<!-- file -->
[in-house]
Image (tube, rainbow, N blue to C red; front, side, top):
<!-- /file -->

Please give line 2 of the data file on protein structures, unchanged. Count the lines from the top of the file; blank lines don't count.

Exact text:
Image (tube, rainbow, N blue to C red; front, side, top):